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:: A constitutional law blog by Scalia/Thomas fan David M. Wagner, M.A., J.D., Research Fellow, National Legal Foundation, and Teacher, Veritas Preparatory Academy. Opinions expressed here are those of the author and do not reflect those of the NLF or Veritas. :: bloghome | E-mail me ::

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    :: Friday, August 12, 2005 ::
    Well, I guess this spares me the trouble of fisking the NARAL ad.

    Thing is, though, it was no more dishonest than many of the ads, op-eds, and Senate speeches used against Bork. Lots of them followed the same script: focus on a dislikeable person or act on the side the nominee advocated for, or ruled in favor of, and then declaim based on the assumption that the nominee personally embraced that person or act.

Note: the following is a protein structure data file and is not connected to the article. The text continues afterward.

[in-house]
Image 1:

It looks like NARAL has actually been dealt a setback by msm folks who are ordinarily its friends. Of course, it may be a set-up, designed to make later attacks on Roberts (whether by NARAL or anyone else) look honest by comparison.

    Or, this may all really be about the next nominee, not about Roberts. Bob Novak:
    NARAL's approach was not meant to sway the Senate but to pick off nervous Democrats and perhaps a Republican or two, keeping Roberts as close to 60 votes as possible. The president and his closest advisers then would have to ask themselves: If a nominee as squeaky clean as John Roberts cannot do better than this, can we risk nominating another conservative for the next vacancy?...

    Luttig, Jones or Owen going on the court would cement a conservative majority. Any one of them likely would trigger a filibuster, either for chief justice or to replace Scalia, and the "nuclear option" might have to be pulled out of the closet for confirmation. Liberal hopes for Bush missing this golden opportunity could depend on how many Senators vote against Roberts, and that is reason enough to smear him as an abortion bomber.

    :: David M. Wagner 12:31 AM [+] ::

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